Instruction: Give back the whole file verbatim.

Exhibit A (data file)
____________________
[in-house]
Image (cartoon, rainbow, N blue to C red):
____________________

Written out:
[in-house]
Image (cartoon, rainbow, N blue to C red):